We are the only civilized country in the world that does not oversee or provide some sort of financially affordable health care for its citizens. What a terrible disgrace. The AMA, the PMA (the Pharmaceutical Manufacturers Association) and the insurance companies have huge lobbies that protect their interests, namely what they see as their money, and until such a time that these interests can be reasonably reined in nothing will change.


I recently had this very discussion with a client that felt nationalization of health care would be a disaster, and if I wanted some proof of that I should take a look at what the state of Massachusetts is doing. I said to her as I will say to you, we have to start somewhere. The longer we wait the worse this intolerable situation will become.


Stay tuned for part two and three as I help you examine some options if you are currently underinsured or uninsured, what Massachusetts is doing and what the two candidates are proposing. Till next time, Rebecca



part two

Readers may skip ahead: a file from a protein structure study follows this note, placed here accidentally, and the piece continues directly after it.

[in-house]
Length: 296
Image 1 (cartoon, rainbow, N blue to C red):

Forty seven million Americans are uninsured; this is simply not acceptable. This figure does not reflect all those that are under insured. In this part two of ‘A National Disgrace’ I will examine what the two presidential campaigns are suggesting to address this issue.


A brief overview:


The Obama Biden ticket is looking at the two extremes- government run health care with higher taxes or, letting the insurance companies operate without rules which is basically what we have in place now. They do not endorse either.


Here’s what they are saying: first, if you like your current health insurance, nothing changes, except your costs will go down by as much as $2,500 per year.


Divide the burden of health insurance cost more evenly. Employers that carry their fair share of the cost of insurance for employees could be eligible for tax credits. Those who do not would contribute a percentage of payroll toward the cost of their employees health care. Small businesses would receive a tax credit for providing employee health care.